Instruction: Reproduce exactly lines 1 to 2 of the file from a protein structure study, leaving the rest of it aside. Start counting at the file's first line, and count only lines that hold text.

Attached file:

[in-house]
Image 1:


[in-house]
Image 1: